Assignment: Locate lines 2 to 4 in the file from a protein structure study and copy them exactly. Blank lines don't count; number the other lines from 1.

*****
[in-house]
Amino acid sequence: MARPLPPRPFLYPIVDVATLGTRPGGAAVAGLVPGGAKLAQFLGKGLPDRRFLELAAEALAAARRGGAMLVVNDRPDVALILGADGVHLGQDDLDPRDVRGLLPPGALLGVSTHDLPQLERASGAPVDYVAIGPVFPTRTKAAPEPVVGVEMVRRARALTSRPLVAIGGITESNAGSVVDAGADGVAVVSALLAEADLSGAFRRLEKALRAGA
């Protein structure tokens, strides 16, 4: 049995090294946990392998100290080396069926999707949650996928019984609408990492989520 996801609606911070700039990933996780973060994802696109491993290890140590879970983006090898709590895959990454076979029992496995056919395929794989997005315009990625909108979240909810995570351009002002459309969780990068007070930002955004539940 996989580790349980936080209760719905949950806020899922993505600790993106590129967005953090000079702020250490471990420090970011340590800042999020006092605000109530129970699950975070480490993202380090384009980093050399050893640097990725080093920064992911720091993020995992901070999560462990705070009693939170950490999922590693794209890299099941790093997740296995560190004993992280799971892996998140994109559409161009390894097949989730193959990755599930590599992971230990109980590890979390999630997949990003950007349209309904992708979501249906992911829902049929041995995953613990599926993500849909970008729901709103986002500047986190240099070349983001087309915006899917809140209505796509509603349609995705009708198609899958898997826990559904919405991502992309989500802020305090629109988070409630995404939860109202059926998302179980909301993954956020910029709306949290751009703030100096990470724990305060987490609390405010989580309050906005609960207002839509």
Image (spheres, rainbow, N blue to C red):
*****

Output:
Amino acid sequence: MARPLPPRPFLYPIVDVATLGTRPGGAAVAGLVPGGAKLAQFLGKGLPDRRFLELAAEALAAARRGGAMLVVNDRPDVALILGADGVHLGQDDLDPRDVRGLLPPGALLGVSTHDLPQLERASGAPVDYVAIGPVFPTRTKAAPEPVVGVEMVRRARALTSRPLVAIGGITESNAGSVVDAGADGVAVVSALLAEADLSGAFRRLEKALRAGA
């Protein structure tokens, strides 16, 4: 049995090294946990392998100290080396069926999707949650996928019984609408990492989520 996801609606911070700039990933996780973060994802696109491993290890140590879970983006090898709590895959990454076979029992496995056919395929794989997005315009990625909108979240909810995570351009002002459309969780990068007070930002955004539940 996989580790349980936080209760719905949950806020899922993505600790993106590129967005953090000079702020250490471990420090970011340590800042999020006092605000109530129970699950975070480490993202380090384009980093050399050893640097990725080093920064992911720091993020995992901070999560462990705070009693939170950490999922590693794209890299099941790093997740296995560190004993992280799971892996998140994109559409161009390894097949989730193959990755599930590599992971230990109980590890979390999630997949990003950007349209309904992708979501249906992911829902049929041995995953613990599926993500849909970008729901709103986002500047986190240099070349983001087309915006899917809140209505796509509603349609995705009708198609899958898997826990559904919405991502992309989500802020305090629109988070409630995404939860109202059926998302179980909301993954956020910029709306949290751009703030100096990470724990305060987490609390405010989580309050906005609960207002839509």
Image (spheres, rainbow, N blue to C red):